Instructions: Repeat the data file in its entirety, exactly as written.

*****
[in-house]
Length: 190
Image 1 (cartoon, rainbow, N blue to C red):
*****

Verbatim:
[in-house]
Length: 190
Image 1 (cartoon, rainbow, N blue to C red):